Pentlow Film Club – November 2012

The weather was dreadful: a night full of darkness and November fog, but even so people came to see Hamlet. With a difference, in that it was in Russian and played in some castle or other that was most definitely not Elsinore, beside a  grim and furious sea. Cold rose from every scene like the mist swirling around the Village Hall.

Pasternak translated the play, but the subtitles were mainly by Shakespeare. I still think it is one of the best productions of Hamlet I have ever come across, in spite of its age (1964); the combination of Kozintsev directing, Pasternak translating and arranging and Shostakovich writing the music is a winner. The haunting use of bells within the score reminded me of how much Russians love their sound. The music for Ophelia, discordant, tragic and occasionally tender: music for a helpless broken puppet, brought out a theme in the play that was part of Pasternak’s view of it as a political thriller where every character plays a part in a vicious dynastic struggle moving towards the final tragedy. The film is more active, less meditative than the original play, and Hamlet less of a dreamer, yet, however different, it works magnificently. I again delighted in the absolutely wonderful playing of the Ghost at the beginning; I have never seen it done better: the cloak should have been given a credit.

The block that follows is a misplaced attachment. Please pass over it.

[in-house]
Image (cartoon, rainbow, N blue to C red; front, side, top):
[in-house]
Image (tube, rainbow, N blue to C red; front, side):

The same extraordinary team of Kozintsev, Pasternak and Shostakovich have also made a film of King Lear. I have not seen it, and it may not turn up at Pentlow, but for people who loved   the Hamlet, it would be worth a look.

Don’t forget our December showing, on the 14th. It is suitable for older children, as well as adults. Hope to see you then.

Isobel Clark

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